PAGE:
NBA rookies are supposed to struggle their first year in the league. The learning curve is steep, and new players are often overwhelmed with both the physical and mental hurdles of an 82-game regular season. Even future stars are often thought to go through serious adversity as they grapple with the pro game over the course of their first year.
However, upon closer examination, the assertion that future NBA stars have significant difficulties on the court as rookies is overblown. An excellent indication of how good a player can eventually become is by looking at how well he performs in his first season.
John Hollinger's Player Efficiency Rating (PER) is a catch-all statistic that is valued for both its simplicity and its bluntness. While many experts chafe at using a single statistic to define a player's value, the effectiveness of PER as an analytic tool is hard to deny. Examining a highly touted rookie's PER is a great way to soberly analyze their chances of stardom.
Since the 2002 Draft there have been 20 players picked that have gone on to make at least two All-Star games. According to basketball-reference.com, only one of these players posted a PER below 13 in his rookie season — Deron Williams.
What is more, of these twenty stars selected since 2002, only Williams, Rajon Rondo and Al Horford had a PER below 15 their rookie year.
A PER of 15.00 is considered average. So using PER as our judge, since 2002 most rookies who went on to great success were actually above average players right away. And while a 13.0 PER is slightly below average, it cannot be considered bad. At worst it seems future great players start their careers by being adequate.
These rookie PER numbers are a bigger deal than some might expect. While a PER of over 15 is no guarantee for future stardom, it does seem like a general prerequisite. This is especially true for power forwards and centers - historically very few big men have gone on to achieve great success without posting a PER of at least 15 right out of the gate.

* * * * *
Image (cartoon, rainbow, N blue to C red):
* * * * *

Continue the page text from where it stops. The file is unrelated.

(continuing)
Players like Horford are the exception, and in his case at least he was very close to the number. This casts a cloud of doubt on highly touted young bigs like DeMarcus Cousins (rookie season PER: 14.6), Derrick Favors (13.9), Omer Asik (11.8), Nikola Pekovic (11.2), Derrick Willaims (12.9), Enes Kanter (14.5) and Tristan Thompson (13.3.)
Having a PER of 15 right away does not historically seem as vital a prerequisite for guards and swingmen, but a PER below 13 should always raise a red flag.
Most players who end up having superior careers post at least a 13.0 PER as rookies. If they can't hit that number it makes it unlikely as to whether that player can ever turn into a legitimate star. Teams should be skeptical of hyped young players like Jrue Holiday ( rookie PER: 12.3), Evan Turner (10.8), Gordon Hayward (10.7) and Brandon Knight (11.7.) None seem likely to fulfill high expectations, and all are candidates to become overpaid once their rookie contracts expire.
As you would expect, there are exceptions to these PER requirements, especially among point guards (Steve Nash and Tony Parker are examples of point guards who posted a low rookie PER), but it should be understood that the vast majority of great players are good from the very beginning.
All-Stars get progressively better as their careers move along, but they start by being immediately capable pros. Their initial struggles are somewhat minor compared to the growing pains of many of their less talented rookie counterparts.
Projecting what rookies will actually fulfill their potential is vitally important to managing a NBA roster. Many young players are considered "untradeable" their first few years in the league because their upside is so high.
The reality is most young players do not deserve to be held in such high regard. A rookie's PER shows if a player has a chance to be exceptional. It allows teams not to invest too much hope on a highly touted player that will likely never live up to expectations. It is a number everybody should keep an eye on with this year's rookie class.